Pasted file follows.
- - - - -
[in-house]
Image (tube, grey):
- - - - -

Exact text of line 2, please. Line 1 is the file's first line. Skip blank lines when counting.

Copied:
Image (tube, grey):